If anything, the creators of PoE have gone further in this abstraction than was ever done with the older games, perhaps with the notable exception of Planescape Torment. Dialogue is interspersed with character descriptions, and numerous in-game events are dealt with via a textual options accompanied by a static line drawing. It sounds lazy, but in actuality – providing you have a decent enough imagination – works fantastically well. Certainly, given the limited budget it’s a lot better than you would have got had they aimed for a more graphic-intensive depiction.
I’m not too far into the game yet, having barely made it through the first few locations, so I don’t want to pass judgement too early. Thus far I am very much enjoying it, although it doesn’t quite seem on a par with how good I remember Baldur’s Gate II being. That may just be rose-tinted nostalgia clouding my opinions, though. I’ll try and continue to add my thoughts here as I progress (assuming I don’t get distracted by anything else).
Potential spoilers for Batman: Arkham Knight – A Matter of Family DLC follow…
I finally got around to playing the A Matter of Family DLC for Arkham Knight yesterday. For those who don’t know, it’s a story-driven add-on for the main game that centres for the first time in the series around Batgirl, specifically the Barbara Gordon version of the character. Set at some point prior to the events of the original Arkham Asylum game, it revolves around Batgirl – assisted mostly ably by Time Drake’s Robin – attempting to rescue her father from the clutches of the Joker.
When it came out a few months after the release of the main game, AMoF came in for a fair bit of criticism. In some respects it’s easy to see why: it’s short and, for an add-on that’s meant to be story-focused, doesn’t really have much of one. There’s no real explanation given as to why Joker has kidnapped Commissioner Gordon. There are some mutterings about him trying to provide a ‘Valentine’s Day present’ for Batman by killing Batgirl and Robin, but that would seem to suggest that Joker at least knows who Batgirl is, and I didn’t think that he did. And aside from the fact that it makes for an interesting environment, it’s not clear why Joker felt the best place to keep Gordon is in an abandoned theme park.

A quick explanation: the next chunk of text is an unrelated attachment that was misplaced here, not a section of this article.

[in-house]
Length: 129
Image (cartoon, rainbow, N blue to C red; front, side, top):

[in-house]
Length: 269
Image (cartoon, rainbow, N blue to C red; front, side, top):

Playing as Batgirl was quite interesting, though in truth she’s very similar in style of attack to Batman, albeit slightly more vulnerable and with fewer gadgets. There’s supposed to be more of a focus on hacking, which makes sense given that Barbara eventually goes on to become Oracle. Unfortunately again this seems a little undercooked, as apart from a neat bit involving a fibreglass octopus and a giant skull, all you really do is exchange some passwords and move a couple of cranes.
The DLC is short: I completed my full story playthrough in a little over two hours, and doubtless someone who is less incompetent with a controller than I could do a lot better. I wasn’t that bothered by the length, though. The DLC only costs around £5, which does seem worth it to me. I think the problem a lot of people have with DLC is that they compare it in price to the full game, where invariably it pales. If you’ve paid £40 for a game that’s provided 30 hours of entertainment, another £5 for an additional two hours seems a little mean. Still, you’d pay double that for a DVD film that lasted only 90 minutes. It’s all relative, I guess.
My real issue with AMoF was just that it didn’t do enough to differentiate it from the main game. As already noted, Batgirl plays very similarly to Batman, and the missions involve the same mix of random bad guys to beat up and predator encounters. They’re as fun as they ever are in the Arkham games, but you’ve done it all as Batman before. There are a couple of neat tricks you can pull with hacking devices to ‘frighten’ criminals and make them more vulnerable, and these are good but since they’re used so sparingly in the short campaign they don’t register a lot. It’s a real shame, as it’s obvious a lot of work has gone into the DLC. The theme park setting is neat and very well realised, fitting nicely into the Arkham style (though given how grotesque some of the exhibitions were I doubt Disneyland was ever worried about the competition). Equally, Batgirl’s animation and design are wonderful, really making me hopeful that we might get to see more of her sometime. It’s also neat seeing Harley Quinn in a costume that’s much more reminiscent of her original look in Batman: The Animated Series than the rather hypersexualised outfits she’s had in Arkham Knight and City.
Speaking of which, the final fight between Batgirl and Robin against Harley and the Joker is a lot of fun too. It’s over rather quickly, and won’t be much of a challenge to anybody who has beaten the main game, but it’s emphasis on the ‘tag-team-combat’ that Knight introduced and only used in a handful of occasions makes it great fun.